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03 May 2007

Fort Bend, TX is full of n00bz.

There was a span of a few months during my junior year in high school in which my friend Chris and I taught ourselves how to create maps for Doom II. I don't remember the name of the program we found on the internet that enabled us, but it was a buggy, awful application that would always hang at inopportune times, driving me to distraction and causing one out of every three or four of my clicks to be on "save."

Basically, we were able to draw lines to create a bunch of different sectors, and then set properties for each sector to determine textures for the surfaces, lighting, height. If you ever played those games, you might remember that the mechanics didn't permit overlapping rooms, so although you could create elevators and stairs and the like, you couldn't make one room actually exist above another. All floor surfaces had to be completely level, too. Still, with these basic tools we set about creating these maps, and then splattering each other all over them for hours and hours over our 14.4k modems, ensuring busy signals for all who would foolishly attempt to dial our parents.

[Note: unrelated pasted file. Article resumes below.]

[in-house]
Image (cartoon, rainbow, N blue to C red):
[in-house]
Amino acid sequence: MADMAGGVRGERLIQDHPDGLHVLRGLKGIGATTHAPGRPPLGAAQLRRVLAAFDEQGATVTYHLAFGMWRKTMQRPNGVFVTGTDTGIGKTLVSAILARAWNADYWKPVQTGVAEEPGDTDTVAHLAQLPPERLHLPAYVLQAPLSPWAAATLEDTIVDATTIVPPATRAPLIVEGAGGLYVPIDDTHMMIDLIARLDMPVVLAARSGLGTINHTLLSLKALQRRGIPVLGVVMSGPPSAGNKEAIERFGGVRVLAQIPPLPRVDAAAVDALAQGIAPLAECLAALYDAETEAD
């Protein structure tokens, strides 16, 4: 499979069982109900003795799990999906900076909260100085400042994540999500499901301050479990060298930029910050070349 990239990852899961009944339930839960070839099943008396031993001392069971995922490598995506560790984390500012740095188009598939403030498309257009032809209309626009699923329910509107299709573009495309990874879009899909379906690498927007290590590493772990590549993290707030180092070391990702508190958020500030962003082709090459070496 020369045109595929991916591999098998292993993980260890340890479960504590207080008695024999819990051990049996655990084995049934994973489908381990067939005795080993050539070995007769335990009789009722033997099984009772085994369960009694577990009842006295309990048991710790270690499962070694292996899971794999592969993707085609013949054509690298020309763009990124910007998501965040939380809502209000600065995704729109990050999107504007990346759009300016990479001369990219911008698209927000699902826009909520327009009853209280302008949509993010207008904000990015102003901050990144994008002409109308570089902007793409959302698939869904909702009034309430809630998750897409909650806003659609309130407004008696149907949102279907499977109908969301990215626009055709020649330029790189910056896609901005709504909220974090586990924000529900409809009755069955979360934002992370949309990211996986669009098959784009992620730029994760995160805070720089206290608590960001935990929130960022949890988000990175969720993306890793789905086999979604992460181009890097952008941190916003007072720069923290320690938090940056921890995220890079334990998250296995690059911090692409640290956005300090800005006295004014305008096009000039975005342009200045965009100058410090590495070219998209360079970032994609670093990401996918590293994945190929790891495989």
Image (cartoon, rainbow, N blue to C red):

Nothing I made was ever pretty, but I liked the idea of taking ownership of my gaming experience. Chris on the other hand, accomplished some truly remarkable things given our limited tools. He's an architect now and makes his living doing a much more complicated version of the same thing.

One of the things I tried to make, after a moderately good model of my own home (with teleports instead of staircases to simulate multiple floors that were actually on top of one another), was a map based on our high school. It seemed a completely natural and fun thing to do to try and recreate a real-life place in a virtual world. I never was able to finish it, because it got too big and the buggy program couldn't handle it. But I did try. It was unanimously agreed upon by my friends that if I had succeeded, it would have been totally rad.

A story that's all over the Internet today is that of a sociable, popular honors student in Fort Bend, TX whose life is being turned upside-down because he succeeded in creating what looks to be a pretty amazing Counter-Strike map of his own Clement High School:
Although the police confiscated a hammer they found in his bedroom as a possible terroristic weapon and not a tool to fix his wobbly bed, no charges are being pressed. Still, the kid has been relegated to the district's alternative school and will not be permitted to attend his graduation.

I'm certainly not the only one who thinks this is fucked up, and a very large number of folks are making their concerns be known in a number of comment sections. I just wanted to go on record here as an example of someone who, as a high school student, found great satisfaction in digitally simulating familiar surroundings, and then littering them with the pixelated blood and guts.

You could make a fairly convincing argument that I turned out ok. Chris too.

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